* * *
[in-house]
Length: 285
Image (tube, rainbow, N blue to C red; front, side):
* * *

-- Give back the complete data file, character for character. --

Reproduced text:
[in-house]
Length: 285
Image (tube, rainbow, N blue to C red; front, side):